Should You Fund a Roth IRA in 2023?
Roth IRAs are often hailed as the best retirement savings tool in existence. And it’s easy to see why.
With a Roth IRA, you get to enjoy tax-free investment gains in your account as well as tax-free withdrawals during retirement. And at a time in life when money may be tighter than you’d like it to be, not having to lose some of your income to the IRS is a very good thing.
Plus, Roth IRAs are the only tax-advantaged retirement savings plan to not impose required minimum distributions. That means you can leave your money where it is and enjoy added years of tax-free gains. Plus, if you’re in a strong enough financial position to be able to leave a large chunk of your nest egg to your heirs, a Roth IRA should allow for that — whereas you may not be able to do so with any other tax-advantaged retirement plan.
Finally, saving in a Roth IRA could help you keep more of your Social Security income. Some seniors are subject to federal taxes on a portion of their benefits once their income reaches a certain threshold. But Roth IRA withdrawals don’t count in the formula used to determine whether Social Security benefits are taxable, so that gives seniors even more leeway.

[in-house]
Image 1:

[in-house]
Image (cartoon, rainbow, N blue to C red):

But while Roth IRAs clearly have their benefits, you may want to consider a different retirement savings plan in 2023. Here’s why.
It’s a matter of tax savings
While Roth IRAs come with many benefits, they don’t give you a tax break on the money you put in. And if you expect to be in a high tax bracket next year — higher than what you’ll be in during retirement — then a Roth IRA may not make sense, because you’ll be taxed at a higher rate on the money you put in.
Plus, you might need the tax savings of a traditional retirement plan to in a position to max yours out for the year. If you lose that tax break by funding a Roth IRA, you not be able to max out (which, in 2023, means contributing $6,500 if you’re under age 50, or $7,500 if you’re 50 or older).
Finally, if you have access to an employer-sponsored 401(k) plan with a generous matching program, then funding that account could make more sense if it results in a lot of free money. So, let’s say you can only afford to contribute $7,500 for retirement savings purposes and your company will actually give you a dollar-for-dollar match on your first $7,500 in 401(k) contributions. In that case, skipping the Roth IRA and going with the 401(k) could mean getting an extra $7,500.
Think things through
It’s clear that there’s much to be gained by funding a Roth IRA. But before you decide to house your retirement savings in one next year, think about whether that makes sense from a tax and financial standpoint. And also, make sure your employer isn’t offering a better deal in its 401(k) plan.
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